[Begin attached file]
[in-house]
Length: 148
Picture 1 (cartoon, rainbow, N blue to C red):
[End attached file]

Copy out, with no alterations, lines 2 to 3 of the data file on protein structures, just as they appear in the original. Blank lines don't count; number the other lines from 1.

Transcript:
Length: 148
Picture 1 (cartoon, rainbow, N blue to C red):